Pennsylvania investigators trace NICU infection that killed 3 infants
Geisinger Medical Center announced Friday that investigators have determined the source of a bacterial infection that led to the death of three infants in the hospital’s neonatal intensive care unit earlier this year.
According to a press release issued by Geisinger, the source of the pseudomonas bacteria exposure came from the process the Danville hospital used to prepare donor breast milk.
A total of eight babies were infected, and three of the children died.
Geisinger said in the press release that its infection control team traced the bacteria to the equipment used in measuring donor breast milk for premature infants. Since September 30, the hospital said, the NICU has been using single-use equipment to measure and administer donor breast milk.
There have been no new cases of infants becoming ill from the waterborne bacteria in the NICU since making this change, Geisinger said in the release.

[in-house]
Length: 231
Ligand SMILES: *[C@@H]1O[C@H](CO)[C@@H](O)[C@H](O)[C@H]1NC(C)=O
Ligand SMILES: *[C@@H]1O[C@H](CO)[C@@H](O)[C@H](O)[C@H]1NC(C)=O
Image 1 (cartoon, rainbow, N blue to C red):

At the time, officials said, there was no written policy in place for cleaning equipment. The hospital has since switched to single-use equipment.
The State Department of Health cited the hospital for not having a policy in place, adding that it has worked with Geisinger to resolve any public health concerns and to ensure that appropriate follow-up measures occurred.
“We also want to emphasize that breast milk is the best food for infants, including premature infants, if possible,” said a spokesperson for the State Department of Health. “Proper handling and storage of breast milk is an essential step to assuring safety. This is particularly important for premature babies.
“In addition, donor breast milk is considered safe and is essential for infants that need it.”
The State Department of Health said that it’s not aware of any other hospitals having recent issues with breast milk or donor breast milk.